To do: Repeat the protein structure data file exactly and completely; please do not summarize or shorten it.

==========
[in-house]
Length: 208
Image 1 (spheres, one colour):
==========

[in-house]
Length: 208
Image 1 (spheres, one colour):